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Caring For A Fresh Garden Rose Bouquet

 

Garden roses are a popular choice for creating beautiful and fragrant floral arrangements, especially for special occasions such as birthdays and anniversaries. However, caring for a cut garden rose bouquet can be a bit tricky, as these delicate blooms require some extra attention and care to stay fresh and vibrant for as long as possible. In this blog post, we'll provide you with some expert tips and tricks for caring for your garden rose bouquet, so you can enjoy its beauty and fragrance for days to come. From proper trimming and conditioning techniques to storage and display tips, we've got you covered. So, let's get started!

STEP 1: BRING YOUR BOX INSIDE

Bring your flower box inside and open it as soon as you receive it. They hate to sit out in a hot porch. Please don't leave the box sitting in a pile on your kitchen floor for 2 days waiting to be opened. They will be very sad if not placed in water immediately. Fresh flowers need to be kept in a cool location out of direct sunlight. 

STEP 2: UNWRAP YOUR BOUQUET

Remove the ribbon, paper wrapping and biodegradable moisture wrap & plastic bag around the base of the bouquet. Our roses arrive in tight bud form to protect the delicate blooms in transit. You may think they look a little funky but that's the safest way we can transport these delicate flowers. All of our roses have unique bloom and petal shapes - these are not cookie cutter imported boring blooms. We promise they will start to open and look like a "normal" rose bloom when placed in water in a sunny & warm location.

STEP 3: REMOVE THE GUARD PETALS

The flowers may be slightly limp upon arrival and that's perfectly normal. They will perk up when placed in water. Hydration can take up to 6 hours so please be patient.

 

Remove the outer two layers of petals from each rose and discard. The petals may have slight browning or discoloration on arrival and this is perfectly NORMAL. These are called the “guard petals” and are left on the rose intentionally to protect the other interior delicate petals in transit. As the flowers open, any remaining the discoloration will be on the inverse of the petals and the beautiful interior petals will be displayed. This opening process can take 2-3 days depending on the conditions in your location.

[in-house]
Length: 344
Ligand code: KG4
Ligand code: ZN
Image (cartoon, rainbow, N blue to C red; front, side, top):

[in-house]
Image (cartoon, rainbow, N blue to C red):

STEP 4: PREPARE YOUR VASE

Choose a vase. My rule of thumb is one that covers at least half the height of the stems.

 

Give your vase a good scrub with soap and hot water or diluted bleach (ratio of 1 part bleach to 10 parts water) to make sure no bacteria is remaining. Bacteria left in the vase will enter the tissue of the flower which will case the roses to prematurely age. 

 

Fill your vase three-quarters of the way full and pour in the contents of the flower food packet included with your bouquet. The flower food is crucial to extend the vase life of your flowers and make them last longer. It contains a bactericide & food to keep them fed and looking their best.

 

STEP 5: RECUT THE STEMS & ARRANGE YOUR ROSES

Recut the bottom of each stem removing at least 1/2” to your desired height. I love to stagger the height of our stems to give our arrangements a more casual and full look. So cut some a little shorter and leave some a little longer.

 

Be sure there is no foliage below the water line. This can cause bacteria to form in the water and will shorten the vase life of your roses.

 

PRO TIP: If you prefer to arrange with flowers that are more open (not in tight bud as when they arrived), leave your roses banded in their bouquet. Place them directly in a vase or bucket with water for 24 to 48 hours and allow them to hydrate and open up. To get them to open more quickly, place in a sunny location with indirect light at room temperature. It can take 2 or more days for the flower to open into a full bloom. When they are more open, remove the rubber band from the bouquet, trim the end of the stems and arrange in your favorite vase as demonstrated in the photos below.

 

 

 

 

STEP 6: TAKE CARE OF YOUR ARRANGEMENT 

The flowers will take up a lot of water in the first couple of days. Check the water level daily and top-off the water as needed. No need to replace the water since you placed flower food in the vase that is both feeding & keeping the bacteria away. If the water is dumped, you will be also dumping those two crucial elements for vase life extension. 

 

Remove older flowers as they fade.

 

Keep your flowers away from direct sun, drafts, and sources of heat (like stoves & fireplaces) and they’ll last longer. 

 

Garden roses are a special delicate flower and their fleeting beauty is meant to be enjoyed for 3-5 days.

 

Photos by: Jill Carmel Photography

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